Micro-Project 3 – To get her Split

“Wen De, out to get her”

Video link: https://vimeo.com/314509160

For this micro-project, we initially planned to do a sound piece where we each performed a series of spontaneous actions on different metal surfaces around ADM to make a “heavy metal soundtrack” collectively. After multiple takes however, we realised that the screen capture function could not record audio so our sound work was instead a silent piece. We could have given up with the limited time remaining and presented what we had as a sound piece of visual noise, but then I thought of making use of the fact that our screen was only split into 3 parts instead of 4 like other groups (because I didn’t have the video group chat function on Instagram), to recreate a game control kind of display recording.

The product we came up with involves Ayesha and I each displaying a left/right button control in the split bottom screens, which we pressed to move our avatar, Wen De, on the larger top screen. June watched the controls we pressed on screen while delivering instructions accordingly to Wen De and recording him. The inability to record audio was used to our advantage: June’s directions to Wen De could not be heard on video so Wen De could know what directions to take even though he was not looking at the group chat screen himself. Under our (spontaneous) control, we made the avatar navigate aimlessly with a sort of malfunctioning effect within ADM. The slight comical tone to the work was intentional, supported with the video game soundtrack we added in the edit.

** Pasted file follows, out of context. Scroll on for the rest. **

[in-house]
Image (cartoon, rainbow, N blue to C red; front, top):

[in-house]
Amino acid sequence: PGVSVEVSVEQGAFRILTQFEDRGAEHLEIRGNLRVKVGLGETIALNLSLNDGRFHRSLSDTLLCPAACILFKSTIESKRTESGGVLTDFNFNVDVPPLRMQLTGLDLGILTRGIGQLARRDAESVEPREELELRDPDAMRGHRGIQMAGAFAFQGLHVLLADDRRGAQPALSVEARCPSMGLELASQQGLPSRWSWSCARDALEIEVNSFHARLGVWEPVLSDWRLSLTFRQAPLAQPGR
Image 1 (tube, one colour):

I quite enjoyed making this piece with the others. There were multiple setbacks which we encountered: my phone not having the group video function, the discovery that audio could not be recorded, time constraints etc. All of which culminated in the final outcome we produced—and I loved that. This project which we supposedly had most creative control over, involved such a dynamic and unpredictable process of collaboration with others that its outcome feels more uncontrolled (in a good sense) than controlled.

Out of all the 3 Micro-Projects,
  • which project did you feel you had the most creative control? Why?

We had the most creative control in “Together Split” since the outcome of the product was very much just the realization of a preconceived final vision and artistic decision I had decided collectively with my team. We came up with the idea and its execution was wholly dependent on ourselves, made up of our  actions only and hence within our own hands.

Whereas for micro-project 1, the creation of the alternative space was an artistic direction constraint placed on us from the offset (instructions given), and we each contributed to the tapestry of images on Instagram as individuals of separate perspectives and occupants of different spaces. The creative control I had in this project was only insofar of my own contributions; I had no control (no individual had) over what others decided to contribute, nor the form of the space that evolved out of the individual contributions pooled together.